Skip to comments.Rumsfeld: N Korea not a military threat to South
Posted on 08/27/2006 3:28:26 PM PDT by jdm
FT. GREELY, Alaska (Reuters) - U.S. Defense Secretary Donald Rumsfeld on Sunday said North Korea does not pose a military threat to South Korea, calling Pyongyang more a danger as a proliferator of weapons to other countries and perhaps terrorists.
"I think the real threat that North Korea poses in the immediate future is more one of proliferation than a danger to South Korea," he told reporters during a visit to a missile defense installation in Alaska.
"I don't see them, frankly, as an immediate military threat to South Korea," Rumsfeld said, noting South Korea's improved military capability as well as what the defense secretary described as a deteriorated condition of North Korea's forces.
Asked if North Korea's offensive missile capability is more of a threat to the United States than to South Korea, he said he did not know.
Rumsfeld's comments come weeks after North Korea test fired a long-range missile said capable of reaching the United States. That test, part of a series, seemed to fail shortly after launch but prompted the U.S. government to switch its limited missile defense system to operational status.
Rumsfeld's visit to Ft. Greely, home to one of America's interceptor installations, was due to be followed by a scheduled meeting with Russian Defense Minister Sergei Ivanov. Rumsfeld said he would likely discuss missile defense and Iran with his Russian counterpart, but he would not offer details of the issues on the table.
The defense secretary said North Korea tests missiles to demonstrate their capabilities to potential buyers.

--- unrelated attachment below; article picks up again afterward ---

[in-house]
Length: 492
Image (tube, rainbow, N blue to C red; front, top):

"They sell anything to anyone," he said.
"They sell our currency that they counterfeit. They're selling illegal drugs. They're selling basic missile technologies. There's not much they have that they wouldn't sell either to another country or possibly to a terrorist network."
While the head of the Pentagon's Missile Defense Agency has repeatedly said U.S. defenses could have shot down a North Korean missile, had it launched successfully, Rumsfeld would not make the same assertion.
He said he would wait to see the fledgling missile defense system work instead of predicting success.
"I want to see it happen ... a full end-to-end process where we actually put all the pieces together. That just hasn't happened," he said.
The United States has spent more than $92 billion on its missile defense system. Tests continue, with another expected on Thursday.
In that exercise, a missile will launch from Alaska and an interceptor will launch from California to test the "kill vehicle," the barrel-shaped device that destroys an oncoming warhead by colliding with it. One official on the program said a hit was not one of the goals of next week's test.
President George W. Bush in 2002 announced the United States would begin operating the initial elements of a missile defense system by the end of 2004 to defend against a limited attack from a country like North Korea or Iran.
Since then, U.S. missile defense spending has risen to nearly $10 billion a year, the Pentagon's single biggest annual outlay to develop a weapons system.
Intercept-test failures and technical glitches have delayed development, although commanders said it has a rudimentary capability against a limited attack if ground-based interceptors are put on alert.
I would hope so....if a Dem said this...we'd be calling him/her a stupid POS who has their collective heads up their arse.....well alot of FReepers would be....I hope that headline is wrong....
North Korea will kill a lot of people, but lose in the end of an all-out war.
Considering how the South appeases the North, such a war is very unlikely.
The North is more likely to attack Japan as that country is rightly realizing now.
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